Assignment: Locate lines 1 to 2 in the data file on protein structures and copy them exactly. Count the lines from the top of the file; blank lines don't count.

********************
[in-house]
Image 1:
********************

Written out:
[in-house]
Image 1: